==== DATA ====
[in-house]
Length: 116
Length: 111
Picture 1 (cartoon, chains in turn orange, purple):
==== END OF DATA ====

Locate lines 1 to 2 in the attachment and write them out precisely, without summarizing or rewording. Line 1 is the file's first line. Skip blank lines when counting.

[in-house]
Length: 116